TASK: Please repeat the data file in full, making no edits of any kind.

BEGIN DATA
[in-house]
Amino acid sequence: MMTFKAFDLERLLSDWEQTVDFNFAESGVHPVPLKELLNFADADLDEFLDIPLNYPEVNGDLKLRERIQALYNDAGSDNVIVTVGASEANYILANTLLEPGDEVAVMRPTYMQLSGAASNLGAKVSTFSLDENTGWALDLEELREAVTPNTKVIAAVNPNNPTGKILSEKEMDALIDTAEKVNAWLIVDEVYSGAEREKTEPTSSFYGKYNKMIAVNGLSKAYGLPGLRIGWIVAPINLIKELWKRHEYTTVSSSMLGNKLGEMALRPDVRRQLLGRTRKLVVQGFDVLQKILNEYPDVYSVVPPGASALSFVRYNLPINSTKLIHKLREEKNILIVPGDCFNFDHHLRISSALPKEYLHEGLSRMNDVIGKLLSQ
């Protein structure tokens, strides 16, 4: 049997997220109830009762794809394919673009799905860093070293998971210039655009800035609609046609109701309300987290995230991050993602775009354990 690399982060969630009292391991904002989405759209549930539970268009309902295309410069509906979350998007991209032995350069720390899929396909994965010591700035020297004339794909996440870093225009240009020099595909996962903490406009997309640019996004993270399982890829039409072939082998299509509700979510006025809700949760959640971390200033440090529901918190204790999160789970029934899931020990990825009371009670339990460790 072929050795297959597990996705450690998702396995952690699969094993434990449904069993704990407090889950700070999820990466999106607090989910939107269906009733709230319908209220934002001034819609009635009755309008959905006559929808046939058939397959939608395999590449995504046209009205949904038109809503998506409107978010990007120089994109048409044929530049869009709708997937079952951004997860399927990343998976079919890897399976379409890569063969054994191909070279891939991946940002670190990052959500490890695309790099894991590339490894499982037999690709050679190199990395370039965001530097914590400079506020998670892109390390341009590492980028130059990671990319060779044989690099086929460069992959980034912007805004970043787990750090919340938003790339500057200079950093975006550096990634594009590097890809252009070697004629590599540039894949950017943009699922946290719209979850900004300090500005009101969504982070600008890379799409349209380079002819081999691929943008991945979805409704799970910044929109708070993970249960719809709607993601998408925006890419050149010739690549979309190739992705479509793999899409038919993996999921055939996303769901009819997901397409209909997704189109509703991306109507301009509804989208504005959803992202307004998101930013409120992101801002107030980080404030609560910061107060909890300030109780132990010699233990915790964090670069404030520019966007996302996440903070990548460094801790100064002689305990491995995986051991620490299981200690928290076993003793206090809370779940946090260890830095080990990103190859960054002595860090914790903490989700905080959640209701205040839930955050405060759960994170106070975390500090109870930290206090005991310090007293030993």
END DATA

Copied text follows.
[in-house]
Amino acid sequence: MMTFKAFDLERLLSDWEQTVDFNFAESGVHPVPLKELLNFADADLDEFLDIPLNYPEVNGDLKLRERIQALYNDAGSDNVIVTVGASEANYILANTLLEPGDEVAVMRPTYMQLSGAASNLGAKVSTFSLDENTGWALDLEELREAVTPNTKVIAAVNPNNPTGKILSEKEMDALIDTAEKVNAWLIVDEVYSGAEREKTEPTSSFYGKYNKMIAVNGLSKAYGLPGLRIGWIVAPINLIKELWKRHEYTTVSSSMLGNKLGEMALRPDVRRQLLGRTRKLVVQGFDVLQKILNEYPDVYSVVPPGASALSFVRYNLPINSTKLIHKLREEKNILIVPGDCFNFDHHLRISSALPKEYLHEGLSRMNDVIGKLLSQ
């Protein structure tokens, strides 16, 4: 049997997220109830009762794809394919673009799905860093070293998971210039655009800035609609046609109701309300987290995230991050993602775009354990 690399982060969630009292391991904002989405759209549930539970268009309902295309410069509906979350998007991209032995350069720390899929396909994965010591700035020297004339794909996440870093225009240009020099595909996962903490406009997309640019996004993270399982890829039409072939082998299509509700979510006025809700949760959640971390200033440090529901918190204790999160789970029934899931020990990825009371009670339990460790 072929050795297959597990996705450690998702396995952690699969094993434990449904069993704990407090889950700070999820990466999106607090989910939107269906009733709230319908209220934002001034819609009635009755309008959905006559929808046939058939397959939608395999590449995504046209009205949904038109809503998506409107978010990007120089994109048409044929530049869009709708997937079952951004997860399927990343998976079919890897399976379409890569063969054994191909070279891939991946940002670190990052959500490890695309790099894991590339490894499982037999690709050679190199990395370039965001530097914590400079506020998670892109390390341009590492980028130059990671990319060779044989690099086929460069992959980034912007805004970043787990750090919340938003790339500057200079950093975006550096990634594009590097890809252009070697004629590599540039894949950017943009699922946290719209979850900004300090500005009101969504982070600008890379799409349209380079002819081999691929943008991945979805409704799970910044929109708070993970249960719809709607993601998408925006890419050149010739690549979309190739992705479509793999899409038919993996999921055939996303769901009819997901397409209909997704189109509703991306109507301009509804989208504005959803992202307004998101930013409120992101801002107030980080404030609560910061107060909890300030109780132990010699233990915790964090670069404030520019966007996302996440903070990548460094801790100064002689305990491995995986051991620490299981200690928290076993003793206090809370779940946090260890830095080990990103190859960054002595860090914790903490989700905080959640209701205040839930955050405060759960994170106070975390500090109870930290206090005991310090007293030993």